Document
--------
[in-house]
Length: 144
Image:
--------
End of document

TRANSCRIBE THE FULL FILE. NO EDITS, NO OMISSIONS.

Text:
[in-house]
Length: 144
Image: